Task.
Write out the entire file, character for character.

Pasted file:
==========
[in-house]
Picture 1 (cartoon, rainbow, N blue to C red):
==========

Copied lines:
[in-house]
Picture 1 (cartoon, rainbow, N blue to C red):